Pet Adoption London KY
By Yona Zeldis McDonough for WebVet
Putting a pet up for adoption can be a very painful experience. Death, divorce, financial crisis, onset of illness or allergy, a new apartment that doesn’t allow pets -- all these are reasons why even the most loving owners sometimes have to say goodbye. But there are more and less responsible ways of giving up a pet. Laurie Bleier, the director of the Brooklyn Animal Foster Network , a grassroots no-kill foster and adoption service that currently has close to 500 families in its roster, offers these tips to ensure that the animal will find a safe, happy home—even if it’s not yours.
Dos and don’ts for the pet adoption process:
- Don’t assume that a dog can be placed in a no-kill shelter; most no-kill facilities are so full that they can't accept pets, but instead save their precious resources for abandoned animals or those already on the euthanasia list.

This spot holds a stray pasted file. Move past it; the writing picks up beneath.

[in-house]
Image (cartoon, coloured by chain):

- Do place posters in the offices of local veterinarians, the humane society or animal shelter if they will allow it. Place a local ad on CraigsList.com. Local placement means a smoother transition for the pet. Plus, it makes visiting easier.
- Don’t place an ad in the paper for a free dog or cat. Undesirable responses might come from fighting dog trainers, who train dogs to be killers by using live animals as targets.
- Do screen potential adopters very carefully. Find out if they've had pets before and why they want a new pet.
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